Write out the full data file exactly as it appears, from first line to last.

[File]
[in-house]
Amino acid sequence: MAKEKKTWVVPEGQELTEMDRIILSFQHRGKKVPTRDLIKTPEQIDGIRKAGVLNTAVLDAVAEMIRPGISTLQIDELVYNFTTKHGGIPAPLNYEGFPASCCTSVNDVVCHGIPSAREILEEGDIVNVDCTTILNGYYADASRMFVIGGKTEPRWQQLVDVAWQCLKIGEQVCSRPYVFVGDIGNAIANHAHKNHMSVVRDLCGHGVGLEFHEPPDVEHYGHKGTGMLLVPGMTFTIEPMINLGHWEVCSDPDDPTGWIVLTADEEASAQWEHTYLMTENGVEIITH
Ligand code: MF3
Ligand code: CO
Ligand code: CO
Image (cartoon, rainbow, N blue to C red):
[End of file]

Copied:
[in-house]
Amino acid sequence: MAKEKKTWVVPEGQELTEMDRIILSFQHRGKKVPTRDLIKTPEQIDGIRKAGVLNTAVLDAVAEMIRPGISTLQIDELVYNFTTKHGGIPAPLNYEGFPASCCTSVNDVVCHGIPSAREILEEGDIVNVDCTTILNGYYADASRMFVIGGKTEPRWQQLVDVAWQCLKIGEQVCSRPYVFVGDIGNAIANHAHKNHMSVVRDLCGHGVGLEFHEPPDVEHYGHKGTGMLLVPGMTFTIEPMINLGHWEVCSDPDDPTGWIVLTADEEASAQWEHTYLMTENGVEIITH
Ligand code: MF3
Ligand code: CO
Ligand code: CO
Image (cartoon, rainbow, N blue to C red):